Friday, September 30, 2016

A Witness, 1825

"A Witness" - Isaac Cruiskshank, 1825.
Royal Museums Greenwich.
This is the last post of the month, which means it's time for another image of sailors created outside of the 1790-1820 time period. Today's image is an engraving from 1825, created by prolific caricaturist George Cruickshank (1792-1878). George was the son of caricaturist Isaac Cruickshank, and continued his father's artistic and satirical legacy well into the 19th century. I've featured several I. Cruickshank prints before, most recently "That Accounts for It" (1799).

It's fascinating for me to see how portrayals of sailors' clothing start to evolve in the mid-1810s, and are well on their way to being something quite different of turn-of-the-century clothing by the mid 1820s. The sailors in this print have all shed the breeches, petticoat breeches, and buckled shoes that they were commonly portrayed wearing from the early 18th century to the end of the Napoleonic Wars in favor of long, broad-legged white trousers and black pumps. Their neck-cloths (all black) are very loosely tied around their necks with the knot around their breastbone and the ends hanging down well below the waistbands of their trousers, which sit closer to the natural waist than the extremely high waistline of civilian menswear of the 1810s.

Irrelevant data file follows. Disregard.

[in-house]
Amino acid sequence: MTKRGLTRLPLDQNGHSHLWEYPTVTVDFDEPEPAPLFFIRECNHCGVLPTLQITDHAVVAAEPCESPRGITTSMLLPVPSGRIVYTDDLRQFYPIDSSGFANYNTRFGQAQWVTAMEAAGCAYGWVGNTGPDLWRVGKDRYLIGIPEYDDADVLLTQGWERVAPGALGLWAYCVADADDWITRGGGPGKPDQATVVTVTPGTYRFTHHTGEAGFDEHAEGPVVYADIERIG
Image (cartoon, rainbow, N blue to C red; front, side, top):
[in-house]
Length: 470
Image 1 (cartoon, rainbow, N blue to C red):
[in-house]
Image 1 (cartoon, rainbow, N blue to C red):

One sailor has a tall white shirt collar, a harbinger of longer shirt collars to come that will eventually be decorated with embroidery. He wears the yet-eternal blue jacket with mariner's cuffs worn open, but another sailor wears a striped blue and white guernsey frock (a knit sweater worn over a shirt) instead of a jacket. Several sailors carry hats; two of them are both white straw decorated with black ribbons, and have a lower crown than the oversized blue rosette-bedecked "squashy" black hats sailors are often show wearing in caricatures from 1790-1810. Several of the sailors have impressive sideburns.

This print and other artwork I'll feature from the 1820s to 50s is a good reminder to not extrapolate sailor fashions of the 1820s and 30s backwards, and to be cautious about using artwork that depicts a previous time period.

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